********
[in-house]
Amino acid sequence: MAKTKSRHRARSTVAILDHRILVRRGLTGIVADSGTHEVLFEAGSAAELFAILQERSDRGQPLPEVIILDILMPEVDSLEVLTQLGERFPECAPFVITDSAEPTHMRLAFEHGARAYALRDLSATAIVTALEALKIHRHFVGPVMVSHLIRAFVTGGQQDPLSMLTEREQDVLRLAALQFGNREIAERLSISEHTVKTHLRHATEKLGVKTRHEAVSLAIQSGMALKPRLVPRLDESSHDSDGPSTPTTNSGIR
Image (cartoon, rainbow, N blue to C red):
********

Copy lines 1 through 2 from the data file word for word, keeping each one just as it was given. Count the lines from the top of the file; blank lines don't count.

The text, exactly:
[in-house]
Amino acid sequence: MAKTKSRHRARSTVAILDHRILVRRGLTGIVADSGTHEVLFEAGSAAELFAILQERSDRGQPLPEVIILDILMPEVDSLEVLTQLGERFPECAPFVITDSAEPTHMRLAFEHGARAYALRDLSATAIVTALEALKIHRHFVGPVMVSHLIRAFVTGGQQDPLSMLTEREQDVLRLAALQFGNREIAERLSISEHTVKTHLRHATEKLGVKTRHEAVSLAIQSGMALKPRLVPRLDESSHDSDGPSTPTTNSGIR